Midtown Toronto

April 18, 2024

Soft Drinks – Hard on Teeth

Soft Drinks - Hard on Teeth

As more and more studies are done, the real effects of sodas on the human body are understood. We already know that there is a link between drinking soda and type 2 diabetes, obesity, and osteoporosis. And with little surprise, soda does a real number on your teeth too.

It all boils down to bacteria. The natural bacteria that is already present in your mouth, if uncontrolled, can grow and lead to various diseases of the oral cavity. Most commonly, these can include cavities. These bacteria need two things to grow out of control: sugar and an acidic environment. Soda gives them both!!!

The incredible amount of sugar that is in every serving of any soft drink, gives the oral bacteria their food. These bacteria use this substrate to grow and divide, and as a by-product produce lactic acid, which breaks down tooth surfaces – leading to cavities.

Now, not only do these bacteria produce acid, they are the most efficient when they are in an acidic environment. Enter soda’s second gift – acidity.

For comparison, consider this: Battery acid: pH = 1.0 Coca Cola: pH = 2.52 Water: pH = 7.0 *The pH scale ranges from 1-14, with 1 being the most acidic, 14 being the most basic, and 7 being neutral.A healthy mouth is non-acidic – neutral or even basic.

Drinking soda quickly makes your mouth very acidic. Not only do these levels of acidity help the bacteria in your oral cavity to their job to the best of their ability, but the acid itself breaks down tooth surfaces on their own. A double whammy.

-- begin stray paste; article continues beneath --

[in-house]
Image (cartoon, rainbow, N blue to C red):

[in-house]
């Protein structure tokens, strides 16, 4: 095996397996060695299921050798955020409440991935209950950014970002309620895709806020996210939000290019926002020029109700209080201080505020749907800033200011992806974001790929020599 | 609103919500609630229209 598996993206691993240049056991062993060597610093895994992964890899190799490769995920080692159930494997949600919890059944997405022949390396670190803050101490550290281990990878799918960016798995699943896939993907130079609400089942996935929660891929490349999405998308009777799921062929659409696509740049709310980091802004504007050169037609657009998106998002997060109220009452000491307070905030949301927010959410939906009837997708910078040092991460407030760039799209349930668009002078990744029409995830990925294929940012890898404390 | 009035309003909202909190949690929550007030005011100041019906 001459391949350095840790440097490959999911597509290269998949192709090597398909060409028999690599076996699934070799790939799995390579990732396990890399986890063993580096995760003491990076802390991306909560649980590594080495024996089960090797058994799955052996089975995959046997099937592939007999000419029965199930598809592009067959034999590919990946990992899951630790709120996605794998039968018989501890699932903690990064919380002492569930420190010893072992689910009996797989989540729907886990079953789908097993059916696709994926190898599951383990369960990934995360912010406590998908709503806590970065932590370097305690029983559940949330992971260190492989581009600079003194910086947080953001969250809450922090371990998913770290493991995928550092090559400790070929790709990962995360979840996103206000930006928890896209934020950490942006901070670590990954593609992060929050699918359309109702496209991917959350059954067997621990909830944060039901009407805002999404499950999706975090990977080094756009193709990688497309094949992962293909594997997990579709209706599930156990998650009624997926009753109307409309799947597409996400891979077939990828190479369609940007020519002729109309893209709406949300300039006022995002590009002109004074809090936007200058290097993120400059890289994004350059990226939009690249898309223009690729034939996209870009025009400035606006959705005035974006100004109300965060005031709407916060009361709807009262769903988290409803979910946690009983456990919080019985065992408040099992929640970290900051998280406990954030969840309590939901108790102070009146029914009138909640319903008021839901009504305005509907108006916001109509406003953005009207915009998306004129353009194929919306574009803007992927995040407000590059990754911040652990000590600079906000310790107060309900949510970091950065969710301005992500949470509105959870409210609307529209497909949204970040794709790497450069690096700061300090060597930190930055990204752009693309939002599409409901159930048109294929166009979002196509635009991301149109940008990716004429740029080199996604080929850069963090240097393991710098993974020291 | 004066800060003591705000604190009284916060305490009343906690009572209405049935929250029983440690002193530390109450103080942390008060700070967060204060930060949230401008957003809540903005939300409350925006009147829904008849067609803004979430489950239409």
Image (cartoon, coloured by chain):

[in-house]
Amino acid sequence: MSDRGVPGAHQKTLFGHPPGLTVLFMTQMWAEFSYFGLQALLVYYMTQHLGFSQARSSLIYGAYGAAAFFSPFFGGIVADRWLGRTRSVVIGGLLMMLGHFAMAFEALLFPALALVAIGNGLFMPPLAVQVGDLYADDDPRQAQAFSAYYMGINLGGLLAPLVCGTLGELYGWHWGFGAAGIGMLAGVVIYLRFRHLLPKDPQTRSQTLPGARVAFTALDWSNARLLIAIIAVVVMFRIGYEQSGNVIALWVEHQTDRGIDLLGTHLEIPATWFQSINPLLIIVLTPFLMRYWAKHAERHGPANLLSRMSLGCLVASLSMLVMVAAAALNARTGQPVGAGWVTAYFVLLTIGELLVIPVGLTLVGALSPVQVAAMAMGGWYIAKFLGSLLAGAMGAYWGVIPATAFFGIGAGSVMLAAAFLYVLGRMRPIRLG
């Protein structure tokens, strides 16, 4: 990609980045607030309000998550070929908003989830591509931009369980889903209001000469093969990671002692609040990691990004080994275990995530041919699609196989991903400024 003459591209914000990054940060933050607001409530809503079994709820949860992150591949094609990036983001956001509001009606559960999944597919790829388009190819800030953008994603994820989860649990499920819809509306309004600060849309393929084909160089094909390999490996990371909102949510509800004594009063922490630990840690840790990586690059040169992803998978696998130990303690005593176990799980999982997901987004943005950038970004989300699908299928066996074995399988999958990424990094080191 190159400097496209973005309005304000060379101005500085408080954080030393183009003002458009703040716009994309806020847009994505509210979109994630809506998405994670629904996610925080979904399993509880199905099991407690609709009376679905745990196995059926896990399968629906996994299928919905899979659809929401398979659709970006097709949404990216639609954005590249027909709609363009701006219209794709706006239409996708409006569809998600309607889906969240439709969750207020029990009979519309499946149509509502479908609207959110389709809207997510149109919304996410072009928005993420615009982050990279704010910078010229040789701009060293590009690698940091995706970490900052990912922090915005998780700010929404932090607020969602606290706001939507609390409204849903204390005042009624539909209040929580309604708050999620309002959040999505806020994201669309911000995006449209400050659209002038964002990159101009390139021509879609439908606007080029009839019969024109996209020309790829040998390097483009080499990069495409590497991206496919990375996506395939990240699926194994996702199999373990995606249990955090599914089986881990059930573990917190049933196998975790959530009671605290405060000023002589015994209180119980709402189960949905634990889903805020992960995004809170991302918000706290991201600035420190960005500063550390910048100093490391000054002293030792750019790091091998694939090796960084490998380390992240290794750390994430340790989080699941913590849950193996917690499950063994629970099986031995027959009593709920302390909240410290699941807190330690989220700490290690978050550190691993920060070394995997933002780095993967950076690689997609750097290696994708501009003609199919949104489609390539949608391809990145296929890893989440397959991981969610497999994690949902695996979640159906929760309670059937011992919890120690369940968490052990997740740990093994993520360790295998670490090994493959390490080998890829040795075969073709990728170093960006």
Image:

But who doesn’t love a burger and fries, with a tall, cold, fresh, fizzy, refreshing coke?

It’s understandable, soda is amazing. That’s why Coca Cola is one of the biggest companies on the planet. So here is the secret to enjoy soft drinks and still keep your beautiful smile:

Moderation – like everything else in life, moderation is key! Set limits for yourself. Don’t have soda every day, limit it to once or twice a week.

Use a straw – using a straw can decrease the contact the soda has with your teeth!

Drink it quickly – it’s not the amount of sugar or acid you consume, it’s how long those substances are in contact with your mouth.

The faster you drink your soda, the less time the sugars and acids have to break down your teeth. A big no no is drinking soda before bedtime – the sugars and acids will have a whole night to do their job.

Rinse with water after drinking soda – rinsing with water helps flush away any remaining sugars from your mouth, and help neutralize the acidity.

Don’t brush right away! – this sounds counterintuitive but it’s true. Brushing right after your teeth have been attacked by sugars and acids can actually be more harmful. The friction of the bristles can be harmful and can cause sugars to enter the tiny crevices of teeth. Instead wait 30-60 minutes before you brush.

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